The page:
Introduction to the Art and Archaeology of Africa
- Course Code:
- Unit value:
- Year of study:
- Year 1
- Taught in:
- Term 1
This provides a basic outline of key issues in the prehistory and history of art in Africa which enables students who so wish to continue their interests further in this area. It also provides an introduction to prehistory, technology and art that is relevant to other fields.
The course covers material from across the continent from the emergence of humans and their artefact-making capacity to African artists in the twentieth century. It includes rock arts, African technologies with attention to pottery sculpture and metallurgy, a range of sites from predynastic and dynastic Egypt to the Swahili coast that includes Ife, Asante and Benin in West Africa and the role of authority and power in the arts of central and southern Africa. It concludes by considering the relevance of Africa to the Americas.
Objectives and learning outcomes of the course
Aims of Course:
- To introduce and enable students to develop an understanding of some of the methods, practice and key issues in African art history and archaeology.
- To provide a supportive context for a critical appraisal by the students of the various approaches and issues developed within this introduction to African art history and archaeology.
- To enable students to develop a range of skills relevant to an understanding of African art history and archaeology.
- To enable students to develop their own professional and personal interests through participation in the course.
- To enable an appreciation of the variety of cultural values and explore their implications for equality issues such as class, "race", gender, sexual orientation, age and disability.
- To have gained knowledge and understanding of the themes, issues and debates of African art history and archaeology provided within this introductory course.
- To able to identify and compare different approaches to art and archaeology in Africa.
- To be able to assess critically the materials and themes explored in the course.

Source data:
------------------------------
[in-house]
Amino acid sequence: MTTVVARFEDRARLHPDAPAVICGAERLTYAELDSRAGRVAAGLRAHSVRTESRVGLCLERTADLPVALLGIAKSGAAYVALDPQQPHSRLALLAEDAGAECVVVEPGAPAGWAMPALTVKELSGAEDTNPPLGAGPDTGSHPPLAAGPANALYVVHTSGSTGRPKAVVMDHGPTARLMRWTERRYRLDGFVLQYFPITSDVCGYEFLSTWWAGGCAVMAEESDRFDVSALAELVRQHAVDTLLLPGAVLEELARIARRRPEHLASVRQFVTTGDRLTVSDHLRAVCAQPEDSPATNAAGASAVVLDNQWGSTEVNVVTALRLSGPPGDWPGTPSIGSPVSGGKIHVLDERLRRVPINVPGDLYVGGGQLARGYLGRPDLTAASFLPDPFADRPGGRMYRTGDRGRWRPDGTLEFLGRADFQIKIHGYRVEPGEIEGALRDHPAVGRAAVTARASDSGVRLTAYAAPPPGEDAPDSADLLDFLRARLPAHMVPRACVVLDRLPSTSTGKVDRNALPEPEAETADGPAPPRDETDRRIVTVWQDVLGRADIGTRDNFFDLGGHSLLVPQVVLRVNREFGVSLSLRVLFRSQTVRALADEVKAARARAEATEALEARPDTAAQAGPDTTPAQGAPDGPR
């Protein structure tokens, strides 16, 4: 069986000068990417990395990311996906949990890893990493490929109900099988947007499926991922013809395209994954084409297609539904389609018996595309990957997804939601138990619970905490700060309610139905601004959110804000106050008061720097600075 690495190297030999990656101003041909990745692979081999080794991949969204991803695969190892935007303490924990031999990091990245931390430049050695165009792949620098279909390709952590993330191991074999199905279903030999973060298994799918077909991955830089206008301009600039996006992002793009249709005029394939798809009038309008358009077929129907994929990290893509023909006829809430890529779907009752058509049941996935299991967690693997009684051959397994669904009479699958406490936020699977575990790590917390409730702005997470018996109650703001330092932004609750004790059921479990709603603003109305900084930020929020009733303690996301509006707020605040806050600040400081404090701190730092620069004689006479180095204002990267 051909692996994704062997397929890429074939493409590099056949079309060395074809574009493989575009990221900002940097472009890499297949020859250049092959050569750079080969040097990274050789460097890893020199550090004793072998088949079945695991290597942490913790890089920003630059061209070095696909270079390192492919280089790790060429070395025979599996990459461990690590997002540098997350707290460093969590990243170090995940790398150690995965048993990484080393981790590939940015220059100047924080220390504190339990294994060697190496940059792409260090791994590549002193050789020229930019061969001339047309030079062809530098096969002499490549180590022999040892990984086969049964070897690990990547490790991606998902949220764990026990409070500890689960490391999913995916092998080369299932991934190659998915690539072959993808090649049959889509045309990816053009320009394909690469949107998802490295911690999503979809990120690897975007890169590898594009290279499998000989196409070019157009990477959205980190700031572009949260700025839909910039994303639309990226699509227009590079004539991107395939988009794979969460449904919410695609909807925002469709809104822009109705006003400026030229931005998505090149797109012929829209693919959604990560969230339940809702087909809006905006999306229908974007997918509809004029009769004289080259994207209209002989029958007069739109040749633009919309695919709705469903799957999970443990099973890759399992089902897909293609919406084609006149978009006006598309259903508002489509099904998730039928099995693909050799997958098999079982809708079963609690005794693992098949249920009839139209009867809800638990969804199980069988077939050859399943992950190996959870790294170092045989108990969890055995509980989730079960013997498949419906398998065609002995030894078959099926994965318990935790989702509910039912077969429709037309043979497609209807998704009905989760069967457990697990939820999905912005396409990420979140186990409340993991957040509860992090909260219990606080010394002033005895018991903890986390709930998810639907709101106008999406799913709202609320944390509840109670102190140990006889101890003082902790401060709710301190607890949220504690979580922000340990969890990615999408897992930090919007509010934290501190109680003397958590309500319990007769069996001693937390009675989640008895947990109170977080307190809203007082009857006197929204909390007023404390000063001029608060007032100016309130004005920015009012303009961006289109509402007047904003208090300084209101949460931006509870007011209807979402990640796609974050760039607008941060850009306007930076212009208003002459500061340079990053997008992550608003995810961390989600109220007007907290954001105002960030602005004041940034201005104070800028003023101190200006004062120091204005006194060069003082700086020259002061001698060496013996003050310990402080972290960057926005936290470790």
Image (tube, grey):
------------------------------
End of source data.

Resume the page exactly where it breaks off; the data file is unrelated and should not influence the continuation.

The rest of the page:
- To have been introduced to a range of skills used in art history and archaeology within the study of Africa.
WorkloadLectures - 2 hours per week. Seminars/Tutorials - 1 hour per week.
Scope and syllabus
This course offers an introduction to the arts and archaeology of Africa through selected case-studies which raise the general issues involved in its study. It is a half-unit course for first-year students, intended to provide a very brief introduction to particular aspects of the prehistory and history of art in Africa.
For those students who wish to take the study of Africa further, it provides background to the study of sculpture, textiles, painting, architecture, and masquerade in the course units available in subsequent years. For those students whose study of African art will begin and end here, the course provides an introduction to aspects of prehistory, technology and art that will be useful for other courses anyway. For it is necessary to have some understanding of the place of art(ifacts) in the inception of human species in Africa, and in the events in human (pre)history that follow from this: the purposes of pictorial imagery; the processes by which plant and animal species become domesticated in sedentary communities, the development of ceramic and, later, metalworking technologies, of cities and centralised political authorities, of diasporas, and the transformations of the 20th century. The course places due emphasis on evidence for the innovative possibilities of a pre-industrial African social and technological environment; for it is this indigenous creativity that enables engagement with other parts of the world.
Method of assessmentThe written exam will count for 70%. 2 pieces of coursework will count for 30% (15% each) towards the final mark.
- Arnoldi, M. J., Playing with Time: Art and Performance in Central Mali (1995).
- Ben Amos Girshick, P.: The Art of Benin (1995).
- Cole H. and D. Ross, The Arts of Ghana (1977).
- Deliss C., Seven Stories about Modern Art in Africa (1995).
- Garlake P., Early Art and Architecture of Africa (2002).
- Heldman M. and S., African Zion: the Sacred Art of Ethiopia (1993).
- Loughran K. S., et al, eds., Somalia in Word and Image (1986).
- Patton S. F., African-American Art (1998).
- Picton J., The Art of African Textiles: Technology, Tradition and Lurex (1995).
- Willett F., African Art (1971).